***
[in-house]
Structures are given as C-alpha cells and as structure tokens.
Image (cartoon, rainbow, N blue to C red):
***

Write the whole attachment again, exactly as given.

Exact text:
[in-house]
Structures are given as C-alpha cells and as structure tokens.
Image (cartoon, rainbow, N blue to C red):